NBER Working Paper: Trouble in Farm Succession in the U.S

1 min read
September 2, 2023

Why it matters: Farm succession decisions have significant implications for the future of family farms everywhere (Especially with the developed and most of the developing world as fertility rates are declining). The study, Who (Actually) Gets the Farm? Intergenerational Farm Succession in the United States by Adrian Haws, David R. Just & Joseph Price, using population-level U.S. census records, analyzes the prevalence and timing of farm succession, factors related to successor selection, and the impact of planned versus unplanned succession.

Key findings:

  1. Gender Bias: Sons are favoured for farm succession, with daughters rarely receiving the opportunity. This suggests that gender bias may hinder the continuation of family farms.
  2. Unplanned Succession: A divergent pattern was observed for farm transfers later in the farmer’s lifetime, where a succession plan may not have existed. In these cases, sons inheriting the farm were likelier to live in rural locations and be tenant farmers without their own land. This indicates that the absence of a succession plan affects the outcome of succession.
  3. Historical Insufficiency: The problem of insufficient succession planning has existed historically, leading to less than one-fifth of families having a successor and contributing to declining family farms.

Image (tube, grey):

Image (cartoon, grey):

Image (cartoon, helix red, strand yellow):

4. Farm Tenancy: Farm tenancy was necessary for predicting unplanned succession in the past, but its decline over time may lead to fewer options for succession today.

Policy implications: Policies that assist farmers in planning succession, support young farmers by increasing their access to credit or farmland, and improve opportunities for women in farming may help family farms thrive and continue across generations.

The need for better data: While the study provides the first population-level analysis of realized succession decisions, it relies on inferences from historical census data, raising concerns about the adequacy of 20th-century data for addressing 21st-century problems. More systematic data collection, longitudinal studies, and exploration of questions raised by the study, such as reasons for low rates of intergenerational farm succession and the impact of urban migration, could significantly improve our understanding of farm succession.

The big picture: This study highlights the importance of addressing gender bias, planning for farm succession, and supporting young farmers to ensure the continuation of family farms. Future research and policies should consider these factors to address the challenges farming families face and help sustain some competition in agriculture.

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